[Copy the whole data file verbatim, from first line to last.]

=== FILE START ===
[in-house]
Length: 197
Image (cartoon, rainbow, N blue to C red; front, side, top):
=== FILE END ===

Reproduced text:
[in-house]
Length: 197
Image (cartoon, rainbow, N blue to C red; front, side, top):